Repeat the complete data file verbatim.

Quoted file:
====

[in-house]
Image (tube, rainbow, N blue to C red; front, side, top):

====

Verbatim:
[in-house]
Image (tube, rainbow, N blue to C red; front, side, top):